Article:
As I sit here on my 5th ..6th ..7th .. (what day are we on?) day of marathon writing, trying to meet an impossible February 1st deadline, I can’t help but think about some recent studies and articles on the dangers inherent in our sedentary lifestyles. Then today, a fabulous video on the subject crossed my path, so I want to share that with you. But first, some background.
For decades doctors have studied the positive effects of activity. By now we should all know that if you exercise more, you’ll be more healthy — physically and mentally. I don’t even need to give you links for that. But what if you’re pretty happy with how you look and feel? Does that get you out of exercising?
To find that out, someone had to study the problem from the opposite viewpoint– how does being sedentary affect health? Well, the folks over at Obesity Panacea have been talking about the whole field of sedentary physiology for some time. Check them out for a run down of what science knows about that. But meanwhile, I’ll jump straight to the spoiler:
Being sedentary is killing us.
Alright, that’s dramatic, but really, our bodies aren’t meant to sit in our chairs, recline on our couches, and sleep in our beds for 12..15…23 hours a day. The fact is, the longer we sit, the sooner we die.
Now that first study targeted television-watchers, a cohort that doesn’t include me. But those of us who sit at our computers all day are no better off. Sitting is sitting, no matter what you’re doing or how much you spent on your ergonomic office chair.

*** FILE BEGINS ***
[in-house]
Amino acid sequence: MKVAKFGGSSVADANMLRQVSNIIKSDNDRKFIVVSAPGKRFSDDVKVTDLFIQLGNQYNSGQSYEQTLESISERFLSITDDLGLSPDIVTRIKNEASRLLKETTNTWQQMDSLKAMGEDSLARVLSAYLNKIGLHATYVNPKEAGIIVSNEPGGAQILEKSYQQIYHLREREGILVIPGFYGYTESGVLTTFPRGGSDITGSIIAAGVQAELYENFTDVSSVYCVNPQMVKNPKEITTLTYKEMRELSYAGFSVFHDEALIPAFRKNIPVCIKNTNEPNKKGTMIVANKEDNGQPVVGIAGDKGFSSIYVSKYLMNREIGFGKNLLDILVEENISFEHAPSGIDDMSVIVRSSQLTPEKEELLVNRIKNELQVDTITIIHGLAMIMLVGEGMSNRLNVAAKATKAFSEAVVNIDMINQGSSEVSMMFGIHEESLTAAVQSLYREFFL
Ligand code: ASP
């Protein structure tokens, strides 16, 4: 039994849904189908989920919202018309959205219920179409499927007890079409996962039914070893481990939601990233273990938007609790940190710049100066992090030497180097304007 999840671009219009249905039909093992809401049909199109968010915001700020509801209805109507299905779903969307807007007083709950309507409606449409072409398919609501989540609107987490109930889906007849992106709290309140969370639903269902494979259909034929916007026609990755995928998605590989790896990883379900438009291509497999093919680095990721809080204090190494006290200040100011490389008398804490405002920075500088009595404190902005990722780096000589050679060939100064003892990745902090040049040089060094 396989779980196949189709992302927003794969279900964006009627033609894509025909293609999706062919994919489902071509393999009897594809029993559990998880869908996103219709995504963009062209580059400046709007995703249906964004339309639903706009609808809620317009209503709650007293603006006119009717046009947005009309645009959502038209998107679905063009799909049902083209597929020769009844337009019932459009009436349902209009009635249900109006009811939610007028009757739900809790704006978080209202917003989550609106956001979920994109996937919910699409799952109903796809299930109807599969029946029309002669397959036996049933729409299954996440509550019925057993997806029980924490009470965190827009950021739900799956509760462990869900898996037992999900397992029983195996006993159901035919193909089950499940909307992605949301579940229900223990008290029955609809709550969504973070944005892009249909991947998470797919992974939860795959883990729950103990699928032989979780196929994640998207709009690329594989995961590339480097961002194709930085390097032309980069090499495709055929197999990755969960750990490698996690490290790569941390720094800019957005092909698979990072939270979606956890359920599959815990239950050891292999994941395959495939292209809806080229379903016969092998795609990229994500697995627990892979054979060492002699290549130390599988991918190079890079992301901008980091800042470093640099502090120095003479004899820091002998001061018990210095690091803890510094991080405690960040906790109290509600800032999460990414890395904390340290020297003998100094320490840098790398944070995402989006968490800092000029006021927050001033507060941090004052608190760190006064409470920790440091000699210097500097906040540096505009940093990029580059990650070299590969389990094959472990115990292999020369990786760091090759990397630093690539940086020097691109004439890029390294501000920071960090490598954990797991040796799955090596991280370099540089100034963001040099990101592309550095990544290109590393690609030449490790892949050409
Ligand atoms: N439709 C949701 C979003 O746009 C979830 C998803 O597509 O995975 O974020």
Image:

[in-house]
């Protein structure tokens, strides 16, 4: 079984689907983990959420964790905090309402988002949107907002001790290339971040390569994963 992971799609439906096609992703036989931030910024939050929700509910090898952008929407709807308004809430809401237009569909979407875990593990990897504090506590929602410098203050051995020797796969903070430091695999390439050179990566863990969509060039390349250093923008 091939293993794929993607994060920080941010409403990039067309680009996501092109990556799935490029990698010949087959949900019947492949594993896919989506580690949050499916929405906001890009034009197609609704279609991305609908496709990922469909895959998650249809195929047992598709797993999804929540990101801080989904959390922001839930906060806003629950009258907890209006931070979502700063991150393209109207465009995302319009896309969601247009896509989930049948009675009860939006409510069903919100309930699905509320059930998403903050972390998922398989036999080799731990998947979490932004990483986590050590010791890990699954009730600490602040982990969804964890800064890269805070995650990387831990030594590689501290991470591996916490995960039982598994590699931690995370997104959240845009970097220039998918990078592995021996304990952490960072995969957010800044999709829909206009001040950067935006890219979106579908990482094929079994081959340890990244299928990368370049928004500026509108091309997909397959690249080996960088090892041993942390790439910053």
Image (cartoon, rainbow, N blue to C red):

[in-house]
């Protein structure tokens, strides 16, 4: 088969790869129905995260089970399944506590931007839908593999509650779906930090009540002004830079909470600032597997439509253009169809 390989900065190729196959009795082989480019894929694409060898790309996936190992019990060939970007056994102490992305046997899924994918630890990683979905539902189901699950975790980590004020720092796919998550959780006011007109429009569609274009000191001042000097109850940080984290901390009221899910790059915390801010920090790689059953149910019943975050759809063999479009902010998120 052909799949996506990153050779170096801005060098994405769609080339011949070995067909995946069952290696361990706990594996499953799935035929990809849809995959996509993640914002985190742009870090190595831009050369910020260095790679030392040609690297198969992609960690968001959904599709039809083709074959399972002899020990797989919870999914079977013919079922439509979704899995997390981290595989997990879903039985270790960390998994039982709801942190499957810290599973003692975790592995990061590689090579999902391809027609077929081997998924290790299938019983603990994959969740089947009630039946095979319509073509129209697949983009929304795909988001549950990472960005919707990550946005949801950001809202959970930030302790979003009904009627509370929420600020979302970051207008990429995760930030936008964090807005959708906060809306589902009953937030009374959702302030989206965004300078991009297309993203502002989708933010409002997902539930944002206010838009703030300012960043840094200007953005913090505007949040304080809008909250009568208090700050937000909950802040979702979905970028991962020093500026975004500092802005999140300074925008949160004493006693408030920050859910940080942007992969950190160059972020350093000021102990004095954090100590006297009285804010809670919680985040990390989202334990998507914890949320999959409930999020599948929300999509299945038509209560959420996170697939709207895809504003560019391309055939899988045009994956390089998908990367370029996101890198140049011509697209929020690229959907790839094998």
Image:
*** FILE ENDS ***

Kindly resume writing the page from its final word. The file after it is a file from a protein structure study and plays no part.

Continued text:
So, what to do? Well, some people have resorted to using standing desks but, as any cashier or surgeon will tell you, standing in one place all day long isn’t good for you either. Alex Hutchinson of SweatScience provides some straight-talk on standing desks in a recent Globe and Mail Jockology column.
What you don’t need to do is resort to fancy gadgets or pricy gym memberships you’ll never get your money’s worth from. No, there’s an easier answer:
To gain a measurable health and lifespan improvement over sitting, just get up and walk around.
And the operative term there is “get up.” Sitting on an exercise ball, doing curls or butt-squeezes from your chair, lying on your back stretching — this is not getting up.
So, that’s the cure. What’s the dose? It turns out, only thirty minutes a day out of your chair (or bed or couch or car) is enough to measurably reduce the negative health effects of a sedentary lifestyle. Everything after that is certainly a bonus (and recommended!), but incremental in its overall health gains. That first step is really the one that matters.
Now, since I’m short on time (remember that deadline I mentioned?).. I’m going to let Dr. Mike Evans talk to you about the 30 minutes and what effect is will have on your health.
Watch it while you’re walking around and you’re 9 minutes into your 30. Now go!
Patel, A., Bernstein, L., Deka, A., Feigelson, H., Campbell, P., Gapstur, S., Colditz, G., & Thun, M. (2010). Leisure Time Spent Sitting in Relation to Total Mortality in a Prospective Cohort of US Adults American Journal of Epidemiology, 172 (4), 419-429 DOI: 10.1093/aje/kwq155
Veerman, J., Healy, G., Cobiac, L., Vos, T., Winkler, E., Owen, N., & Dunstan, D. (2011). Television viewing time and reduced life expectancy: a life table analysis British Journal of Sports Medicine DOI: 10.1136/bjsm.2011.085662